Two Democratic senators want to give (almost) the same amount of funding to transit agencies to electrify nation’s bus fleet as President Biden promised to private drivers to electrify their cars.
On Tuesday, Senate Majority Leader Chuck Schumer (D-N.Y.) and Senator Sherrod Brown (D-Ohio) introduced the Clean Transit for America Plan, which would provide $73 billion to accelerate electric bus adoption across the country. If it passes in concert with the President’s American Jobs Plan, which provided another $25 billion towards transit electrification, it would mean that EV buses and other vehicles would get close to the President’s $100-billion rebate program aimed at putting EVs into the garages of American residents.
I wasn’t joking when I said we were going to electrify *all* the transit buses. ????? https://t.co/QW4WRbJoOU
— Nathaniel Horadam, Infrastructure Week Enthusiast (@NW_Horadam) May 5, 2021
That would be critical step towards parity in the Biden administration’s efforts to clean up the transportation sector, which critics say has favored car-focused solutions over mass modes, despite historic investments in both. The American Jobs Plan would provide more federal funding for Amtrak than it has gotten in its entire 50-year history combined while more than doubling funding for transit maintenance and expansion, totaling about $210 billion for shared modes. But about the same amount of money ($205 billion) was earmarked specifically for drivers in the form of highway maintenance dollars, electric vehicle rebates, and investments in charging infrastructure that advocates expect to be concentrated on highways.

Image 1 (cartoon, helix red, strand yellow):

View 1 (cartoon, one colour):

The addition of the Clean Transit plan would certainly do more to help our national climate outlook than the American Jobs Plan alone. Researchers at RMI recently found that America will fall short of its goal of limiting global warming to 1.5 degrees Celsius unless it shifts 20 percent of vehicle miles travelled out of cars and onto shared and active modes by 2030, even if nearly 100 percent of new vehicle sales were transitioned to electric vehicles over the same period.
There’s broad consensus that a robust government investment is necessary. Unlike electric cars, which have long been a darling of venture capitalists, electric buses have struggled to gain a foothold in U.S. communities, thanks to high up-front costs that cash-strapped transit agencies can’t afford. The average electric bus can cost north of $850,000, more than twice the cost of one that runs on fossil fuels; as a result, only two percent of buses nationwide are zero-emission (even though they are usually cheaper to fuel and maintain than diesel buses once they’re actually on the road).
But many details of the plan remain unclear. The fact sheet for the bill didn’t outline whether the purchase of electric buses would be used primarily to expand and improve transit service, or simply to replace gas-guzzling buses on the limited routes cities have now. Nor did it specify how much of the money would go towards the direct purchase and maintenance of e-buses and their charging infrastructure, as opposed to research initiatives to decrease prices and increase the driving range of electric fleets overall. Some cities with long routes have struggled with the logistics of charging, especially in extremely cold or extremely hot weather, when battery longevity nosedives.
Still, advocates were optimistic that a massive deluge of government money will spur the industry to address these challenges — and it can’t happen a moment too soon.
“This forward-thinking investment will spur innovation, clean the air in our communities, and help us address the dramatic impacts of climate change across the nation,” said American Public Transportation Association President and CEO Paul Skoutelas. “[It’s] game-changing.”